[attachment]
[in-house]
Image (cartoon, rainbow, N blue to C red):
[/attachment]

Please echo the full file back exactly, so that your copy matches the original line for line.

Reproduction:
[in-house]
Image (cartoon, rainbow, N blue to C red):